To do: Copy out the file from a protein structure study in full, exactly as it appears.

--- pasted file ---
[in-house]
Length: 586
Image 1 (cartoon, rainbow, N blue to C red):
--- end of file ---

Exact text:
[in-house]
Length: 586
Image 1 (cartoon, rainbow, N blue to C red):